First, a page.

I had a dream. I was my dog Roady. I woke up with dirt in my nose because I had dug a hole at the base of the tree where I was tethered. It was a good hole and I chomped on one of the roots, the buried treasure I had found. But, I realized, it was another day, tied to the tree. I wanted to chase the leaves that drifted down with the cool autumn breeze but when I leapt up to snag them from the air, the rope yanked me back. I tried chewing the few at my feet but it wasn’t the same as catching them in the air like toasted biscuits falling from the sky.
Don’t want to be going round this tree so I sit and watch that gravel path, the one that my master comes down when he’s back from an adventure without me. Don’t know why he goes without me. I see the car, that wonderful place where the blankets smell like him or maybe they smell like me or potato chips, the kind with that red, powdery stuff that tastes like meat cooked outside. Haven’t had that meat in a long time. Not since my first master left in a van with red lights flashing. I want some meat right now. I’m hungry, yes, definitely someone forgot to bring me breakfast. I call to the boys but all I get is a rock thrown by that man, not my master, the man who yells and keeps me tied here.
My master left in a van with red flashing lights. Will he never return like the last one? Will I always be tied to the tree? I hear my own soft whistling cry.
I get a fresh bowl of water sloshing. I steal sips as a boy lowers it down. He laughs at me for spilling it. Then he puts down my bowl of food. Love my food. Can’t get enough. I pull it up with my tongue and throw it to the back of my mouth, salty, tasty. I crack it to bits between my teeth. It’s good. It’s good. It’s gone. Wait there must be more. Wait. More please! My barking doesn’t seem to bring more.

Day runs into day. The leaves no longer tease me. They just fall. I just watch. Then one day, I’m on the leash and off the tree. The biggest boy walks me up the street. Am I going to find my master?
We come to a place with grass and more grass and kids and more kids. There’s balls, and balloons that look like big round leaves, bobbing on strings. I can catch one. I leap up and bite. It bites me back and I whimper. But there’s another one. I’ll get this one too, but as soon as I leap, the leash pulls me away.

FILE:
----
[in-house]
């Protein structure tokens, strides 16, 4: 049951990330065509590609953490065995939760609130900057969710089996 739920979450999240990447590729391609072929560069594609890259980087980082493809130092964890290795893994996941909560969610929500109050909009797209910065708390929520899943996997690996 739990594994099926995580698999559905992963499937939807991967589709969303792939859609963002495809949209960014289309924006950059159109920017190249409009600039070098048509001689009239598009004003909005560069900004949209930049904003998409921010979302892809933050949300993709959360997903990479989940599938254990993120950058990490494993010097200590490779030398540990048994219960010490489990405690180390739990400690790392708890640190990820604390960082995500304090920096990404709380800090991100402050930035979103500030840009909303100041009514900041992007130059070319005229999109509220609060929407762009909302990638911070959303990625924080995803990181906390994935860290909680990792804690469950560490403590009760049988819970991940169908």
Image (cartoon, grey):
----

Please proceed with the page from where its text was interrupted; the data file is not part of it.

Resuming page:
I spend the day at this place of wild noises and kids petting and poking me. I have a short rope on and can’t leap and catch any more balloons because there’s a cart behind me and kids inside it. It’s almost like the tree. I go round in circles. The kids laugh. There’s one, two, three at a time. I feel a pain when I try to pull forward. Oh yeah, that’s the place that was torn once. The cart tips over and someone says the cart rides are done. Yes, I’m done and the boy walks me back home. I wish he would carry me. I wish…then I see him, my master. He’s there. It’s him. He did not leave me. He came back. I don’t know how I do it but I pull from the boy’s grip and run to my master.
“You’re back. You’re back. You’re back. I’m so happy, happy, happy.”
I lick his face and taste that it is really him. It smells like him. It is him. Life is good.

I woke up from that dream to the feel of Roady’s breath on my face. He is sleeping so close to me, paws over my chest like he’s pinning me down.
“Don’t worry boy,” I whisper. “I’m not leaving you.”
But in the next moment a thought comes to me, I have no place to live. How will I bring him back to Cincinnati? Where will he stay all day? I close my eyes to this dilemma and drift back to sleep.

Choose “Roady Series” in categories to read from Episode 1. “Like” this post to let me know you enjoyed it. EnTylerywords is fiction based on a character by Clare Graith. Check out CG Express for more writing by Clare.